The death of Samantha Josephson – the 21-year-old University of South Carolina senior who ordered an Uber, got into the wrong car and was murdered – has set off a giant public awareness campaign across the country that’s encouraging people to take steps to increase their safety when using app-based ride services.

The case of Josephson, who had been out for a night of fun in downtown Columbia, SC at a popular nightlife spot near campus, is keeping some from using the app-based ride services; however, local authorities say it’s still safer than drinking and driving and they’re providing a lot of tips for increasing personal safety when using Uber or Lyft.

After the murder in South Carolina this weekend, the Guilford County Sheriff’s Department sent out a press release offering some tips that riders can follow to help them stay safe as passengers.

The first tip offered is to think about the ride home before the evening starts: “Plan ahead.  Before you request a ride, think about where you’re headed and review the safety features in the app so you know how to use them.”

Another piece of advice is that people should send the request for the ride while inside.

“Avoid spending unnecessary time outside alone with your phone in your hand,” the statement reads. “Instead, wait indoors until the app shows your driver has arrived.”

The next safety tip is where Josephson went wrong; she got into a car without checking to validate that it was actually her Uber driver at the wheel.

The Sheriff’s Department states that it’s critical to make sure you get in the correct vehicle:  “Before you get in the car, check that license plate, driver photo, and driver name all match what’s listed in the app.”

The department also points out that Uber rides can only be requested through the app – so riders should never get in a car with someone who simply claims to be an Uber driver and is offering a ride on the spot.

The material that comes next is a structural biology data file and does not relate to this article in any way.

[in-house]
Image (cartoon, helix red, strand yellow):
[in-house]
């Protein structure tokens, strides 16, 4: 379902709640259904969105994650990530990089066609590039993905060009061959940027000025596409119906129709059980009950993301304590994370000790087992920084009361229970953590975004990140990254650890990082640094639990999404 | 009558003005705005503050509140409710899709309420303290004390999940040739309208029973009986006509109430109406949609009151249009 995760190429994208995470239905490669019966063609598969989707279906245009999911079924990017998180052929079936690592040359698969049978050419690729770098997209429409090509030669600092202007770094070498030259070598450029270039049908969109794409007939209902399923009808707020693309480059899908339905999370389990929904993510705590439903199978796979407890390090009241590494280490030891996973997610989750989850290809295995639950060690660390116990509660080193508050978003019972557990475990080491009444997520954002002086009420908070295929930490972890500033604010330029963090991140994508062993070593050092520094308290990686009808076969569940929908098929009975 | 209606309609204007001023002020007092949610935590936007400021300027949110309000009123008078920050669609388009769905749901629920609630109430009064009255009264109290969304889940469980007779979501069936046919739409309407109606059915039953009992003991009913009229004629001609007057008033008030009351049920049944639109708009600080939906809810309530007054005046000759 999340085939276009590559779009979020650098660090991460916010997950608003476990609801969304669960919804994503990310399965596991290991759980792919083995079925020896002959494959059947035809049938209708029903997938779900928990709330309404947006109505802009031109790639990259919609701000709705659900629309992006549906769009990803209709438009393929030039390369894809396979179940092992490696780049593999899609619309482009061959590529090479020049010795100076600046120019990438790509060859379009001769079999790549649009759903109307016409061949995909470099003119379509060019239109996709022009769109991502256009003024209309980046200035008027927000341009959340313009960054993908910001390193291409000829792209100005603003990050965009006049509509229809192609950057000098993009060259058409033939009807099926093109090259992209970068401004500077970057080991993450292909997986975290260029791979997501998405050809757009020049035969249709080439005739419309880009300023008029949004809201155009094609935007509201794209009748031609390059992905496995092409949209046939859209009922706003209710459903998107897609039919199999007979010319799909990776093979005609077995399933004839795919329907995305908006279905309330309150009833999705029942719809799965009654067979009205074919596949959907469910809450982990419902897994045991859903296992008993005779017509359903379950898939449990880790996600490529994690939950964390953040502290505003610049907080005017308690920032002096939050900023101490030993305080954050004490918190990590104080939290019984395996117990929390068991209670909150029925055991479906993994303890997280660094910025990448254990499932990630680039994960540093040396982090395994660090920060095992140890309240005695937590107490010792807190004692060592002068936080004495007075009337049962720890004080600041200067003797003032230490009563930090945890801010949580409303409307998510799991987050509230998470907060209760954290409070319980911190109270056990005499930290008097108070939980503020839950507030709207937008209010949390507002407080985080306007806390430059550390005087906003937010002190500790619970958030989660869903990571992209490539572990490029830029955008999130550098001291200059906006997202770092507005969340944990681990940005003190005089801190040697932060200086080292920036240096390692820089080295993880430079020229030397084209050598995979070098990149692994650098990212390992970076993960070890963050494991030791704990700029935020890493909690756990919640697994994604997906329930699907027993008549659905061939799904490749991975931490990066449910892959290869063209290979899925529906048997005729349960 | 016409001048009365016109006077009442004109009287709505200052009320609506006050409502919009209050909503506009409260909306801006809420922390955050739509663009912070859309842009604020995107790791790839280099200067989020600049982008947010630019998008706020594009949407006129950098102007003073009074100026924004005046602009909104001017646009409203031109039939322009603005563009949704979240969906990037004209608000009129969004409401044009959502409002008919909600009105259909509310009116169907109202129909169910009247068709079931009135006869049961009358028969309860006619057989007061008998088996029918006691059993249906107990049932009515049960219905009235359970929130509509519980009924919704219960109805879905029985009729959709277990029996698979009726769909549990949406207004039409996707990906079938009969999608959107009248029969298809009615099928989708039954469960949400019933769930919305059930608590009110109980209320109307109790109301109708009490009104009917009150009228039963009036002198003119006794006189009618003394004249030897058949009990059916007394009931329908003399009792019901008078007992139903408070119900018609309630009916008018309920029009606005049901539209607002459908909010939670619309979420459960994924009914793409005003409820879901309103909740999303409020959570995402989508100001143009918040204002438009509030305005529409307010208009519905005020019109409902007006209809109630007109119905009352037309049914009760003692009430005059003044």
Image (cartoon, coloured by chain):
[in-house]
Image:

According to the advice, people should sit in the backseat when riding alone.

“This ensures you can safely exit on either side of the vehicle to avoid moving traffic,” the statement reads, “and it gives you and your driver some personal space.”

Josephson did this but it didn’t help her ability to escape. According to news accounts, the alleged killer had used the child-lock feature on the car to take away her ability to unlock and open the back doors or roll down the windows.

Not surprisingly, the Sheriff’s Department also suggests that riders use their seatbelts. The truth is that a rider is much more likely to be hurt or killed in an accident than at the hands of a fake Uber driver.

Another tip is to share your trip details with a friend before getting into a car.  The department recommends, “While en route, tap ‘Share status’ in the app to share your driver’s name, photo, license plate, and location with a friend or family member. They can track your trip and see your ETA without downloading the Uber app. “

In a Facebook post, the Sheriff’s Department offered some additional tips.  One tip is, ”Let family and friends know where you’re going and when you’ll be there, and have a way to communicate with friends and family wherever you’re going.”

Riders are also encouraged to protect their personal information since there’s no need to share a phone number or other contact information with a driver.  When a rider and driver need to contact each other, the Uber app automatically masks both phone numbers to protect privacy.

The department also instructs, “While in transit, look out for suspicious behavior and don’t hesitate to call 911 in an emergency.”